What To Do With Leftover Risotto: Arancini Croquettes

I got an email from a reader yesterday, which made me happy.

"Hey, just re: Jess Kapadia's article today on frozen single servings of rice — someone please tell this girl about arancini! She's missing a vital life experience."

I think arancini is one of the greatest dishes ever to grace Italian cuisine, and I'm more than happy to address them in a lunchlike manner. They're like giant meatballs of crunchy, cheesy, buttery rice, doused in marinara, just waiting to elevate your cholesterol to a more comfortable level. Sadly, there is no way to properly fry a large orb without a sizable deep-fryer. They're also not particularly portable as they tend to roll around and get crushed. So in the spirit of using food nouns as verbs (it works very well for Chinese oranging and red velveting), croquette that leftover risotto.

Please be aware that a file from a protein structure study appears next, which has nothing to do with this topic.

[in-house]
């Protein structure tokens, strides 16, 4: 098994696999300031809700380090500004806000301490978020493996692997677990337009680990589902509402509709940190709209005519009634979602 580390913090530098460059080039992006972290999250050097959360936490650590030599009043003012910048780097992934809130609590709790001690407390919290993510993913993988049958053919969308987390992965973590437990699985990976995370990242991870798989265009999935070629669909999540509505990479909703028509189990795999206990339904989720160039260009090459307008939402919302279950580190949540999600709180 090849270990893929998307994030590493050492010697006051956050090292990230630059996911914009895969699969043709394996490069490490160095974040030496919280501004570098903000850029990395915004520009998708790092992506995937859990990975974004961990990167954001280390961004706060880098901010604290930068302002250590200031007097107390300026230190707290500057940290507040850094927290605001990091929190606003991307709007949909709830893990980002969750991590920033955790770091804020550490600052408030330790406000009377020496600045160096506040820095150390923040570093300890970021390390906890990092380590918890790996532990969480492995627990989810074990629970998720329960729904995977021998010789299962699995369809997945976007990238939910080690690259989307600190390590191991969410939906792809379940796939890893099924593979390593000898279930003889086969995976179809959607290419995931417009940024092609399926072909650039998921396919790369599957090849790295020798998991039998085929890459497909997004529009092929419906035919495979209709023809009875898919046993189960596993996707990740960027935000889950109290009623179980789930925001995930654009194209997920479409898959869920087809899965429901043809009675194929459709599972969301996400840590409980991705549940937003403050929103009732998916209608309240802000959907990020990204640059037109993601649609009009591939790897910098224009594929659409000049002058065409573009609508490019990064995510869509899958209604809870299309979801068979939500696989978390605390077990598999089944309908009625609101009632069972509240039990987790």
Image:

Since you're already tweaking the recipe slightly to make patties instead of balls, I recommend using panko breadcrumbs to keep things crisper and less absorbant. Take about a cup and a half of leftover risotto, divide into four portions and sculpt into patties. Place in a shallow dish of panko and press firmly to help the breadcrumbs adhere, making sure there are no unbreaded patches. Then fry in about an inch of canola or other neutral oil until golden brown, about 3 minutes on each side. Drain on paper towels and do what you will with them.

These croquettes make an awesome bed for a poached egg or half-assed rosette of smoked salmon, especially if your risotto had pancetta in it (which it should have) and they're pretty good at room temperature or even cold. The last time I made these, I sandwiched a thick slice each of mozzarella and juicy summer tomato between two arancini croquettes with a little pesto. Italian overload.

More fried goodness for lunch on Food Republic: